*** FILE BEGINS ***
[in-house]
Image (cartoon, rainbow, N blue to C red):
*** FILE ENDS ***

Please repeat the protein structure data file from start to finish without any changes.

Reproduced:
[in-house]
Image (cartoon, rainbow, N blue to C red):